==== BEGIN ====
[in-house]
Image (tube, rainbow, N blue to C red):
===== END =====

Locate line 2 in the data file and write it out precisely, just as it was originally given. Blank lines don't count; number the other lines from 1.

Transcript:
Image (tube, rainbow, N blue to C red):